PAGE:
FIG. 4 is a graph illustrating a pulse signal according to an exemplary embodiment of the present invention.

Throughout the drawings, it should be noted that like reference numbers are used to depict the same or similar elements, features and structures.

DETAILED DESCRIPTION OF EXEMPLARY EMBODIMENTS

The following description with reference to the accompanying drawings is provided to assist in a comprehensive understanding of exemplary embodiments of the invention as defined by the claims and their equivalents. It includes various specific details to assist in that understanding but these are to be regarded as merely exemplary. Accordingly, those of ordinary skill in the art will recognize that various changes and modifications of the embodiments described herein can be made without departing from the scope and spirit of the invention. Also, descriptions of well-known functions and constructions are omitted for clarity and conciseness.

Before undertaking the detailed description below, it may be advantageous to set forth definitions of certain words and phrases used throughout this patent document: the terms “include” and “comprise,” as well as derivatives thereof, mean inclusion without limitation; the term “or,” is inclusive, meaning and/or; the phrases “associated with” and “associated therewith,” as well as derivatives thereof, may mean to include, be included within, interconnect with, contain, be contained within, connect to or with, couple to or with, be communicable with, cooperate with, interleave, juxtapose, be proximate to, be bound to or with, have, have a property of, or the like. While definitions for certain words and phrases are provided throughout this patent document, those of ordinary skill in the art should understand that in many, if not most instances, such definitions apply to prior, as well as future uses of such defined words and phrases.

FIGS. 2 through 4, discussed below, and the various exemplary embodiments used to describe the principles of the present disclosure in this patent document are by way of illustration only and should not be construed in any way to limit the scope of the disclosure. Those skilled in the art will understand that the principles of the present disclosure may be implemented in any suitably arranged wireless communication system.

Hereinafter, a description will be made of a technique for enhancing the performance of an envelope elimination and restoration (EER) power transmitter by improving linearity and efficiency of a bias modulator in a wireless communication system.

FIG. 2 is a diagram illustrating a configuration of an EER power transmitter according to an exemplary embodiment of the present invention.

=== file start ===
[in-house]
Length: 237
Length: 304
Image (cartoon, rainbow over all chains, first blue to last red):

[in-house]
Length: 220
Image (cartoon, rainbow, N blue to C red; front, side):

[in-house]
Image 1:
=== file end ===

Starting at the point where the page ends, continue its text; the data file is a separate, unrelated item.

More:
As shown in FIG. 2, the EER power transmitter comprises a digital signal processor 200, a bias modulator 210, a frequency modulator 220, a radio frequency (RF) choke 230 and a high efficiency amplifier 240.

The digital signal processor 200 comprises a signal divider 201 and a pulse generator 203.

The signal divider 201 divides a transmission signal of the EER power transmitter into a size component and a phase component. In an exemplary implementation, the signal divider 201 outputs the size component to the bias modulator 210 and to the pulse generator 203, and outputs the phase component to the frequency modulator 220. Here, since the signal divider 201 is configured to be included in the digital signal processor 200, it divides the size component and the phase component by using a digital signal. In another exemplary embodiment, the signal divider 201 may divide the transmission signal into a size component and a phase component by using an analog circuit.

The pulse generator 203 generates a pulse signal according to the size component supplied from the signal divider 201 and outputs it to the bias modulator 210. For example, the pulse generator 203 generates a pulse signal as shown in FIG. 4 according to the size component supplied from the signal divider 201.

FIG. 4 is a graph illustrating a pulse signal according to an exemplary embodiment of the present invention. Here, a horizontal axis refers to time information and a vertical axis denotes size information of the transmission signal. In the illustrated example of FIG. 4, the units of time for the horizontal axis are arbitrary.

As shown in FIG. 4, the pulse generator 203 generates a pulse signal 401 having a high output if a slope of a size signal 403 generated according to the size component of the transmission signal is greater than 0, whereas the pulse generator 203 generates a pulse signal 401 having a low output if the slope of the size signal 403 is smaller than 0.

The bias modulator 210 comprises a size amplifier 211, a source follower 213, a buck converter 215 and an inductor 217.

The size amplifier 211 amplifies the size component supplied from the signal divider 201 and outputs the amplified size component to the source follower 213.

The source follower 213 lowers an impedance characteristic of a signal supplied from the size amplifier 211 by using a current supplied from the buck converter 215 as a drain bias and outputs the signal having a lowered impedance characteristic. That is, the source follower 213 reduces an impedance characteristic of the output voltage and thereby lowers an impedance characteristic of a modulation frequency band of the high efficiency amplifier. Therefore, the high efficiency amplifier 240 can reduce a memory effect which is generated due to an impedance difference in the modulation frequency band.